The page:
I caught Margo on Zoom while she was gigging in Bozeman, Montana.

How did you and Sera Cahoone (see Sera interview here) decide to work together and have her produce your records?

I was getting a batch of songs together for what would be my debut full-length album, Pohorylle. I'd made a lot of EPs through the years, but it was always, "I have a grand and two days off of touring." I was tackling what to do about having a producer, or not having a producer, and how to approach this. It takes out some of the guesswork when you don't have a label budgeting $50,000 for a record.

Does anyone?

Let me believe, Larry.


Let a gal dream, right? I watched a video of Sera that I found on YouTube, and the way she performed really spoke to me. It resonated immediately. I checked out her album that she co-produced and played drums on, 2017's From Where I Started. I could feel how intentional the percussion was. In the world of singer-songwritership, percussion makes or breaks the record. Most songwriters that I know of are not drummers, so pairing with someone who has a different angle is helpful. I'm all about complementary situations. In the studio, too, I love it when people that have different strengths end up complementing each other.

We need someone there that can pick up the slack.

I can't believe how much trust I put in Sera. I am surprised at how I just trusted the process. She had the vision, and we both committed to trusting each other and getting to the end goal. It works out because Sera and I both have similar tastes; a good palette to start from.

Did both records start by meeting up and working on the songs in person?

I had solo acoustic demos that I sent to Sera, but then we got together with the trio: Drums, bass, and guitar. It was about finding the grooves for the tracks and tying up arrangements. With this style of kind of adhering to some tradition of country song structures, it definitely helps with arranging. I don't have the most abstract song structures. I like the traditional structure and then taking liberty with lyric choices and such.

I assume working with John Morgan Askew was through Sera.

Yeah, it was Sera's suggestion. She had worked with him for From Where I Started, and he was still working out of his basement at the time. Bocce [Recording Studio] wasn't even built out yet. From that time, 2017 to 2019, John had moved into Bocce, and we were one of the early records to record in there – for that era of the studio.

It's a cool old-school studio building, isn't it?

I love it, yeah. You're in this neighborhood, and then you zip into the studio. It's not even in town. John's done a lot with the yard area and the fire pit. I wanted to get out of Enterprise, Oregon, because I was living out there at the time.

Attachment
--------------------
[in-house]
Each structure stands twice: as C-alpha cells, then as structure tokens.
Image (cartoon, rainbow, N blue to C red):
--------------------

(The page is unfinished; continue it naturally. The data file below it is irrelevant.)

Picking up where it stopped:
What's been the appeal for you of living rural after growing up in the Bay Area?

I grew up in the suburbs, in picture-perfect, idyllic suburbia. I moved to the rural South for college, and I was chasing music. I wanted to learn more about the tradition of songwriting. I felt more inspired the more I immersed myself in rural places. I followed my husband, Forrest Van Tuyl, out to Enterprise, and that was a wild decision that I certainly didn't foresee myself making at the age of 25. But we're both songwriters, and his songwriting was good enough for me! [laughter]

Do you find that being there gives you more time to work on writing, or a different inspiration outside of a city?

Yeah, the inspiration abounds. Do you know the songwriter Greg Brown?

Oh, of course.

He uses so much beautiful imagery of the outdoors. Pines and rivers – he's all about the natural world. Those kind of lyrics feel so enriched to me. Being immersed in that helps. And the simplicity: I have a town, and there's this church and a post office. It's elemental. That helps with my songwriting by having the lay of the land be very simplified. There's space. And the characters! I don't know what'll happen down the road, but we are very happy where we are. Right now, it's affordable for us, too.

Do you two have a home studio or anything that you both utilize?

We do. We've been building out a home recording setup. We have a [Focusrite] Scarlett interface and Forrest has a tape recorder. But then we just use [Apple] Logic or something. We're not too fancy, but my husband is more into the recording part. We've got great monitors, so we can listen to mixes and that's so nice. My husband and I both toured a lot, and we were living out of cars. We never had a music studio space in our house. It's been so nice to have that.

Your records feel natural and inviting, and they showcase the songs.

I'm very proud of them. I'm proud of Sera. I think it's great that you're talking to Sera. It's happened over time, but she's at this point in her career where she's heard so many bad records and she's heard what's good. She's got the Rick Rubin approach of trusting her intuition. She's not at the board per se, but she does have this awesome intuition and that's not something everyone has. I admire that about her, for sure.

Tape Op is a bi-monthly magazine devoted to the art of record making.

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